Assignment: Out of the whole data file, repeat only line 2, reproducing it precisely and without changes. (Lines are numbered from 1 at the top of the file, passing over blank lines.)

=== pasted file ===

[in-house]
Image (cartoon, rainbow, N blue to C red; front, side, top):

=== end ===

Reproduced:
Image (cartoon, rainbow, N blue to C red; front, side, top):